Intro to eco tourism in Andamans

Life in a metro can be jaded especially if you have to work against deadlines and stare at the computer screen for hours on end for a living. What could be better I thought than to soak my soul in the Sea or sink my toes in white sand beaches? My cousin was availing of LTC benefit to hit the sun soaked sands of the Andaman and Nicobar Islands. I decided to join them on the family holiday. Who would not like to rejuvenate one’s soul in the lap of Mother Nature? Would you like to check out a mud volcano or a lava spewing volcano? Would you like to go snorkeling or scuba diving or watch the spectacle of coral reefs from the safety of the glass bottom boats? …more ...

Volunteering at the oplve ridley turtle nesting site

It was only in the Andaman and Nicobar Islands that I truly appreciated the beauty of the new moon night for the first time in my life… It was a starlit night… a whole curtain of diamonds dripping across the moonless sky. I was on a mission to track the endangered Olive Ridley turtles as they came ashore to lay their eggs. I went to check out the nesting sites and hatchlings in the Ramnagar Beach on the new moon night. On reaching the sand cliff I was told to alight from the jeep as we had reached the beach. But, pray where? I could not see anything! As the headlights of the jeep were turned off and my eyes got used to the darkness around me, I finally summoned the guts to get out of the jeep barefoot and sink my toes in the sands… After a couple of minutes I could make out the faint outline of white foam of the waves. The noise of the breaking waves alerted me to the fact that the sea was indeed very close. … more ...

The ship journey is unforgettable for a few unpleasant reasons

For landlubbers the rare voyage across the high seas is always an experience to remember. I will remember the journey from Andamans to the mainland for a long time. I opted to come back to the “mainland” by ship, knowing fully well that the voyage was to last 2 and half days and 3 nights! The deluxe cabin ticket cost around Rs. 6000, but still cheaper than an average airplane ticket, with sea spray and the sight of bounding dolphins thrown in for good measure! Beats an airplane ride most times! But, the attendant brouhaha can indeed be very challenging. The system is, to say the least, very chaotic. Let’s start with the booking of tickets. One has to go to the ticketing counter of the Directorate of Shipping Services in Phoenix Bay, Port Blair. Though there are counters for ladies, only men stand in the line. Presumably they are booking tickets for women! There are no seats in the huge hall. Foreigners rest against their massive haversacks, and Indians are scampering around desperately. Touts have a field day in the absence of any kind of signboards. There are no signboards to indicate where one can get the requisition form / application for reservation. Nothing to indicate the documents that need to be attested for one blessed ship ticket either! What if one has to go to the blessed DC’s office to get a ship ticket? … That was the case to get back to Port Blair from Carnic (Car Nicobar) anyway. One has to go to the different counters and quite literally beg for a requisition form, and the unseen and harried clerks at the booking counters send you from one window to the next. … more ...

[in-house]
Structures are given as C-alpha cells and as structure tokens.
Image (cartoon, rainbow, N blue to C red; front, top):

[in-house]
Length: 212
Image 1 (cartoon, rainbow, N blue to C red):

The Tsunamis impact on agriculture in the Andamans

That - natural calamities like earthquakes, tsunamis, volcanoes wipe out entire societies and civilisations is well known; but that the destructive power of Nature reengineers the entire socio economic and political fabric of societies is being documented by the Fourth Estate perhaps for the first time. The Media is in a position to document all aspects of the impact of the most calamitous event in recent history: how the Asian Tsunami affected agriculture, fisheries, tourism, trade, society, economy and culture; here we take a look at the Tsunami’s impact on agriculture. The Asian Tsunami that followed the mega earthquake on 26th December 2004 had a devastating impact on the Andaman, and perhaps more importantly in the Nicobar Islands. The towering waves not only washed away thousands of people to the merciless sea, but it also brought the sea to the land. This has left permanent scars on the landmass and the livelihoods of the Islanders. … more ...